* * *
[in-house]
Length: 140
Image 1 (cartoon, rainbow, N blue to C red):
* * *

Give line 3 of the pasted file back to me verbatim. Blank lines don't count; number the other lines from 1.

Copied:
Image 1 (cartoon, rainbow, N blue to C red):